The efficacy of nasal antihistamines (NAHs) for allergic rhinitis (AR) is comparable with or better than second-generation oral antihistamines. NAHs have a faster onset of action and greater effect on congestion.
Limited data suggest that NAHs may be equivalent to intranasal corticosteroids at reducing congestion.
Olopatadine. Image source: Wikipedia, public domain.
Fluticasone propionate, Flonase (US and Canada) Flixonase (EU and Brazil). Image source: Wikipedia, public domain.
The efficacy of olopatadine 0.6% nasal spray (2 sprays/nostril b.i.d.) was compared with fluticasone 50 microg nasal spray (2 sprays/nostril q.d.) in a double-blind, randomized trial of 130 patients.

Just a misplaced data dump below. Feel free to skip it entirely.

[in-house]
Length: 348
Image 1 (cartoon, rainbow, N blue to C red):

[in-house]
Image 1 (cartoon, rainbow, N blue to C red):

Both treatments reduced nasal and ocular symptoms throughout the 2-week study period.
The nasal symptom score decreased by 45.4% for patients treated with olopatadine and by 47.4% for those treated with fluticasone.
No significant between-treatment differences were determined for for congestion, runny nose, sneezing, itchy nose, and ocular symptoms. But olopatadine had a faster onset of action for reducing all symptoms.
The authors concluded that both olopatadine and fluticasone nasal sprays reduced nasal and ocular SAR symptoms with a faster and greater onset of action with olopatadine.
Medications for Allergic Rhinitis.
Comparison of olopatadine 0.6% nasal spray versus fluticasone propionate 50 μg in the treatment of seasonal allergic rhinitis. Kaliner, Michael A.; Storms, William; Tilles, Stephen; Spector, Sheldon; Tan, Ricardo; LaForce, Craig; Lanier, Bobby Q.; Chipps, Bradley. Allergy and Asthma Proceedings, Volume 30, Number 3, May/June 2009 , pp. 255-262(8).